Jul 9, 2000
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>>My comment is simply that I seriously doubt he could have held on upon impact <<

Get enough of a death grip on the railings and it might be plausible. For whatever it's worth, I strongly doubt the real breakup was quite as dramatic as portrayed in the movie, but more of a gradual process where the midsection disintigrated and/or caved in on itself with the stern settling back. The Discovery Channal's "Titanic, Answers From The Abyss" has a CGI reproduction of what it probably looked like that may well be very close to the reality.
 
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Jeffrey Beaudry

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I've always figured that the actual breakup took place at maybe 15-25 degrees. Otherwise, wouldn't Joughin remember the 150 foot fall of the ship?
 

Paul Lee

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Aug 11, 2003
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>... perhaps not. He was very intoxicated.

Have you read the replies to your first post?
 
Jul 9, 2000
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>>...perhaps not. He was very intoxicated.<<

Says who based on what primary source? Joughin himself denied having anything more then a couple of drinks and in sworn testimony at that. As the others have said, you would be wise to read the posts made in this thread on the subject.
 
May 3, 2005
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If I may interject a thought from the viewpoint of "we amateurs", we are probably inclined to view the events as true in these cases since "so much research went into the details and facts in the movie, this must be true" while in fact it might have been a case in point that was missed by the producers or just a case of "literary license for the sake of the plot." I'm sure the more serious persons on this website have gone into much more research to prove their point.

Just an example of this in another movie. In "The Grapes of Wrath" a "U.S. 66" marker is shown followed by "City Limits" signs of Sallisaw and Checotah, which are obviously not on "Route 66", nor have ever been on "Route 66."

Thanks again, Michael, and all the others.
 
Feb 24, 2004
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A "tumbler half-full" can be quite a bit of booze for some people. Quite a lot of variables go into how strongly it will hit any particular individual. Also, the phrase "a drop of liqueur" can be either 1) completely accurate, or 2) a coy euphemism for "a whole lot of liqueur."

Apologies. I'm just playing devil's advocate.

Roy
 
Feb 24, 2004
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One of the things about Joughin that's always puzzled me is his walk along the side of the ship - outside of the railing - from the aft well deck to the fantail. That would be absolutely impossible if the deck were anywhere near level. He also said before he went on deck for the last time, he'd heard the loud sounds of metal stress and buckling. I'm wondering if by the time he'd gotten on deck the break had already occurred. But then there's the question, IF the stern rotated prior to going under, did it also lean over onto its port side, enough for Joughin to actually walk somewhat upright along the hull? Or was the loquacious Mr. Joughin telling a really good yarn? I know these are old questions.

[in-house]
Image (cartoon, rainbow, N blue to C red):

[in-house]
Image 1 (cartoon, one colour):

>>Also, one opinion expressed is that Joughin had consumed so much alcohol that it acted as anti-freeze and he had no ill effects from being in the freezing cold water for hours.

Hi, Robert!

To my knowledge alcohol doesn't act as antifreeze; in fact, just the opposite. However, it does insulate one from pain and makes the drinker feel superhuman. Also, he/she becomes a little more pliable when under stress. Think of all those traffic accidents where alcohol was involved and the innocent victims were killed outright. But the drunken driver escaped with barely a scratch.

Roy
 
May 3, 2005
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Hi Roy ! -

You are absolutely correct as to the negative effects of alcohol consumed - vs - body antifreeze. (According to my wife,the RN Medical Expert in the family.) My comment must be tendered with "one opinion expressed" :)

-Robert
 
May 3, 2005
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Hi again Roy -

Again, tender this comment with "one opinion expressed" is that Joughin hadn't consumed as much "spirits" as the movies would lead you to believe.

-Robert
 
May 3, 2005
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And one more comment.:

Having been in the U.S.N. and having known and knowing several other persons of those in the category of Winston Churchill's "Former Naval Persons" those of us in that category probably tend to embellish our "sea stories" a bit, so surely we can forgive Chief Baker Charles Joughin, late of the RMS Titanic,for doing so also. :)